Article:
The final day of the Sydney Writers’ Festival – some highlights, some lowlights…
Coffee and the Papers was interesting again – as it has been every morning. Today is was about science, with Canadian author Bruce Lowry (“Slow Death By Rubber Duck” and “Toxin Toxout”) talking about the chemicals that enter our bodies and some things we can do about it (eat organic, don’t use cosmetics, take saunas…) and the reporting of science in the press. His latest book was sold out at the Gleebooks shop.
Eleanor Catton in a low-key session — a brilliant and erudite lecture entitled “Craft – On Paradox and Change”. She’s reading Shakespeare and has many lessons for us – and some stiff criticism of “literary fiction”. Cheers for plot! This session should have been a headliner.
Mr Jang Jin-Sung, a defector from North Korea, his excellent translator Shirley Lee, and US Pulitzer winner Adam Johnson (“The Orphan Master’s Son”). Moved me to tears. Mr Jang worked in the highest levels of NK government and defected from Pyongyang – plus he’s a writer. A very rare combination. Bought his book “Dear Leader”, though I expect the contents to be shocking. He is a poet, and was inspired by a bootleg copy of Byron in Korean. Amazing.
“SWF Shorts – The Garner Grip” — three actors from the Sydney Theatre Company reading selected excerpts from the stories of Helen Garner. Brilliant prose – “unsentimental”, as the director called it – and very well read. A great fiction interlude. Bought a copy of Garner’s “Postcards from Surfers” (though I think I might have a copy on my shelves at home somewhere.)
Next, a puzzling session with an actor named Brendan Cowell and a singer-songwriter named Sarah Blasko. I had never heard of these people, though there seemed to be an assumption that everyone had (one of those popular culture things I must have missed). They interviewed each other – they’re friends – and it was a bit like “What’s My Line?” as I gradually pieced together information about them. He read from a play he’d written and she performed a song (unimpressive, I’m sad to say, though they seemed like nice people).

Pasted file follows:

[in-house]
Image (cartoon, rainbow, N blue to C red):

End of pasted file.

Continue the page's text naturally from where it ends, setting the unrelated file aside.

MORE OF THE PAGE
And so the Festival wound slowly to an end, on a rather downward trajectory, with a self-congratulatory speech by the artistic director and a scrappy and somewhat sleep-inducing Closing Address by the Irish author Emma Donoghue (I preferred her 15 minute thing yesterday). The address was delivered casually, and sounded like the sort of discussion that should have been saved for a chat over a glass of wine at the Festival Drinks. (It would have been so much better to have given this gig to Eleanor Catton).
And that was my Festival. So many astonishing things learnt and new authors discovered, a few duds, a hungry stomach because the food situation was dire in the crowds, tired and footsore, annoyed that things could have been better organised, wondering what I missed amongst the hundreds of authors and sessions on offer. But half a dozen new books to read in depth now, and the great privilege of hearing authors and thinkers like Alice Walker, Reza Aslan, Jeremy Scahill, Alan Johnson, Malcolm Fraser and the divine – the readers’ author – Eleanor Catton. And Mr Jang Jin-Sung. Unforgettable.